Carnivorous Plants of South America

South America is a vast continent with a varying amount of flora and fauna. With varying climates ranging from desert to tropical, the plant life on the continent includes plenty of exotic species. Carnivorous plants are some of the most interesting exotic flora in South America, coming in a variety of shapes, sizes and environments.

Brocchinia Reducta

Like other bromeliad plants, brocchinia reducta produces tall, spiked leaves that form a water receptacle in the center of the foliage. The brocchinia reducta plant is related to the pineapple, but in no way is it edible. It's a carnivorous plant that stores a highly acidic concoction in its water receptacle to trap and digest insects. Native to Guyana and southern Venezuela, brocchinia reducta is a South American plant that thrives in poor-quality soil and requires very little maintenance. The sustenance it receives from insects provide the plant with the needed nutrition required for its survival. Start plants can be obtained from specialized merchants and nurseries to be transplanted into sandy soil enriched with peat moss. As an outdoor plant they are best planted near a natural source of insects, but must be fed at least once a month if kept as an indoor plant.

Genlisea Aurea

The largest carnivorous plant in the genlisea family, genlisea aurea is a perennial herb that resembles a sort of ground cover. It's endemic to Brazil where it grows in marshlands and boggy areas, although it is a terrestrial plant. It produces several small yellow blossoms that are covered in a sticky goo that trap insects to be digested by the plant. Growing it requires humus-rich and constantly moist soil conditions, making it an ideal ditch plant, or a ground cover when grown near a pond or other constant water source. It's a wonderful plant to grow near water that is prone to mosquitoes as it will feed off the mosquito larvae and adults.

Passiflora Foetida

Named for the odor that emits from the plant's bruised foliage, passiflora foetida, or fetid passionflower is a vining plant found in tropical South America with carnivorous tendencies. Although no carnivorous activity has been witnessed, these attractive flowering plants have been discovered to contain sacks full of digestive enzymes within their stems and flower hips. The digestive enzymes are one of the key traits that all carnivorous plants share, which are used to break down insect materials during consumption. The fetid passion flower's stems are thin, wiry and covered in sticky hairs that are believed by botanists to trap insects when in need of nutrition. According to the University of Agricultural Sciences in Bangalore, studies indicate that upon dissection, insects such as ants and mosquitoes have been found within the digestive sacks of the fetid passionflower. Growing conditions for the fetid passionflower require humus-rich soil with plenty of compost for fertilization. The plant can tolerate both partial and full sunlight and can be propagated via seed or branch cuttings.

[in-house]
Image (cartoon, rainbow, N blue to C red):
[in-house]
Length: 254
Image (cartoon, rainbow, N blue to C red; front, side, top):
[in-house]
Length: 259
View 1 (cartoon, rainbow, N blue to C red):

Keywords: carnivorous plants, South American carnivorous plants, passion flower

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Chelsea Hoffman is a professional freelance writer with works published both on the Web and in print. She currently resides in Las Vegas. The author of the new series of horror novellas, titled "Fear Chronicles," Hoffman's work can also be found on environmental websites like Dobegreen.com, where she helps spread environmental awareness with her mighty pen.